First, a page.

Tuesday, September 21

On the radar: National Book Award winner Jonathan Franzen’s new novel, Freedom, is set in St. Paul—and predictably, not everyone in the Capital City is thrilled about that. Franzen will take the stage tonight at the Fitzgerald Theater for a sold-out appearance at which he will talk about himself, his new novel, himself, St. Paul, and himself.

Under the radar: I’ve been threatening to write a play to submit to next year’s Fringe Festival, and if I do, I won’t be the first guy who’s juggled theater criticism and playwriting. Tonight, Max Sparber—formerly theater critic for City Pages—and critic Janet Preus present themselves and their work at the Playwrights’ Center.

Wednesday, September 22

On the radar: When the first decade of the century ended, the Arcade Fire were at or near the top of most lists of the decade’s defining bands—but with the strong reviews their new disc The Suburbs has been earning, they’re not quite ready for the nostalgia bin. Tonight, they play the Roy Wilkins Auditorium.

Under the radar: You know something, right? And there’s something you want to know, right? And you’re reading this, so obviously you care at least some fraction of a damn about what I have to say. Thus, you should come to tonight’s edition of Give & Take, at which I’ll be making a presentation on the subject of how to make a perfect mix CD.

Have an event you’d like to put on our readers’ radar? Submit it directly to our calendar.

Daily Planet arts roundup


Plots (blog entry by Eleanor Arnason)


Vinnie and the Stardusters have a hoot with David Daniels and…Duluth? (review by Dwight Hobbes)
• Nikki Schultz’s Lost and Found (and Lost Again) is an excellent offering by a strong performer (review by Dwight Hobbes)
Marina and the Diamonds turn the Triple Rock into Wembley Stadium (review by Jay Gabler, photos by Meredith Westin)
Ludacris at First Avenue (photos by Meredith Westin)

Theater and Dance

Savage Umbrella’s Leaves: A superb Whitman sampler (review by Matthew A. Everett)
Pillsbury House Theatre presents dark Vigil (review by Sheila Regan)
Jungle Theater presents a delicate Glass Menagerie (review by Jay Gabler)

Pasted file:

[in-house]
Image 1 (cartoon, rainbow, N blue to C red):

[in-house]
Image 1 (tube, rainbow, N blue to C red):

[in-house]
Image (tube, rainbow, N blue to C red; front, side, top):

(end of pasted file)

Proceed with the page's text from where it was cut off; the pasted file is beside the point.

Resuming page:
The Taming of the Shrew, against all odds, gets a near-perfect production courtesy of Theatre Pro Rata (review by Matthew A. Everett)
From sweet to scary: My First Time with Actors Theater of Minnesota (review by Sheila Regan)
Theatre in the Round’s Rosencrantz & Guildenstern aren’t dead, they’re just dying (review by Jay Gabler)

Visual Arts

Holy Maury Mother of God: The best outsider art on the Web (feature by Jay Gabler)
Water fountain sculpture to be revealed at the Midtown YWCA (feature by Sheila Regan)
A Shot in the Dark showcases new acquisitions at the Walker Art Center (review by Jay Gabler)
Holy Maury Mother of God creator: “I’m a huge fan of all manner of exploitation, humbuggery, and ballyhoo” (interview by Jay Gabler)
A journey From Here to There with Alec Soth at the Walker Art Center (review by Jay Gabler)

Food and Dining

Banana Blossom restaurant on Lowry Avenue (blog entry by Megan Goodmundson)
Getting cheesy with Duchess the farm dog (blog entry by Meredeth Barzen)
America’s industrial drug (blog entry by Brian Devore)
Richville’s Rockin’ Horse Café (blog entry by Amy Rea)
Tofu restaurant finds home near U (feature by Jennifer Bissell)


St. Paul and St. Thomas: Good neighbors make good neighbors (feature by Jennifer Thomsen)
Minneapolis dog park proposal divides blacks, whites (feature by Charles Hallman)
This Saturday: The mother of all dog days (blog entry by Meredeth Barzen)